Multiple polyalanine proteins exist in mammalian cells, many of which can be subject to alanine expansions that cause disease [11]. To further analyze the specificity of the α-alanine antibody, we tested another polyalanine protein, RUNX2. The transcription factor RUNX2, which is required for normal skeletal development [26], contains a stretch of 17 alanine residues. Expansion mutations resulting in A27-RUNX2 are associated with the congenital disease cleidocranial dysplasia [27]. To assess whether the α-alanine antibody detects wild type or alanine-expanded RUNX2, HEK 293 cells were transfected with plasmids encoding HA-tagged wild type (A17) and expanded (A27) RUNX2. Immunoblotting with an α-HA antibody confirmed that both proteins are expressed in HEK 293 cells (Fig. 2B). When probed with the α-alanine antibody, both A17- and A27-RUNX2 proteins were detected (Fig. 2B), indicating that the α-alanine antibody can detect alanine stretches in multiple proteins.

Plasmid-mediated expression of PABPN1 in HEK 293 cells results in much higher PABPN1 levels than the level of endogenous PABPN1 in these cells (Fig. 2A). To assess the sensitivity of the α-alanine antibody, lysates from HEK 293 cells transfected with plasmid encoding A17-PABPN1 were serially diluted until PABPN1 levels, as detected by α-PABPN1 antibody that detects WT and A17-PABPN1 [19], were similar to expression of the endogenous protein in HEK 293 cells. At all dilutions tested, A17-PABPN1 could be detected with the α-alanine antibody (Fig. 3). This result indicates that the α-alanine antibody is sufficiently sensitive to detect endogenous levels of A17-PABPN1.

Use of α-alanine antibody in animal models of oculopharyngeal muscular dystrophy

To test the utility of the α-alanine antibody, we sought to detect alanine-expanded PABPN1 in animal models of OPMD [8, 9]. We first analyzed a transgenic mouse model of OPMD. These mice contain transgenic wild type (GCN10-PABPN1 (A10.1) or expanded (GCN17-PABPN1 (A17.1) alleles under the control of the human skeletal actin promoter [8], which allows for constitutive transgene expression in skeletal muscle tissue. As detected using an antibody to wild type PABPN1, transgenic A10.1 and A17.1 animals express A10-PABPN1 or A17-PABPN1 at levels  10-fold or  30-fold higher, respectively, than endogenous PABPN1 [8]. We analyzed whole muscle lysates from A10.1 and A17.1 mice by immunoblot using the α-alanine antibody. As shown in Fig. 4A, an immunoreactive band corresponding to the size of A17-PABPN1 was detected specifically in muscle tissue from A17.1 animals. Immunoblots were also probed with a polyclonal α-PABPN1 antibody to confirm the presence of PABPN1 in both A10.1 and A17.1 lysates and detection of HSP-90 was used as a loading control.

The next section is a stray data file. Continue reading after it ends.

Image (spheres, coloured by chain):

To determine whether the α-alanine antibody can recognize A17-PABPN1 in tissue sections, we immunostained muscle sections from A10.1 and A17.1 mice with either α-alanine or α-PABPN1 antibodies [19]. A17-PABPN1 was detected in sections from A17.1 mice as a fluorescent signal that localized near the DAPI-stained chromatin in the nuclei (Fig. 4B). We observed no signal in muscle sections from A10.1 mice probed with α-alanine antibody. However, PABPN1 was detected in A10.1 sections probed with α-PABPN1 antibody (Fig. 4B). These results indicate that the α-alanine antibody can be used to detect A17-PABPN1 in tissues from the most commonly used transgenic mouse model of OPMD.

To further demonstrate the utility of the α-alanine antibody in animal models, we tested it in a Drosophila model of OPMD. The OPMD fly model contains transgenic alleles encoding mammalian A10-PABPN1 or A17-PABPN1 under the control of a muscle-specific, inducible Mhc-Gal4 promoter [9]. As shown in Fig. 4C, these flies express comparable levels of transgenic PABPN1; however the α-alanine antibody specifically detected A17-PABPN1. Immunoblots were also probed with α-lamin D to ensure equal loading. This result demonstrates that the α-alanine antibody can be used to detect A17-PABPN1 in multiple animal models of OPMD.

DISCUSSION

One of the major deficits in the study of OPMD has been the lack of a reagent to specifically detect alanine-expanded PABPN1 protein. Generating such a reagent has been an ongoing challenge as the modest expansions associated with OPMD cause very little change in the size, charge, or biophysical properties of the PABPN1 protein. We generated a polyclonal antibody to an alanine peptide, which is a strategy similar to that used by other groups to generate antibodies to glutamine-expanded huntingtin protein [13, 14]. The α-alanine antibody detects polyalanine stretches in A14-A17 PABPN1 as well as another polyalanine protein, RUNX2. Most importantly, this valuable reagent can distinguish alanine-expanded PABPN1 from the wild type protein in muscle tissue from both fly and mouse models of OPMD.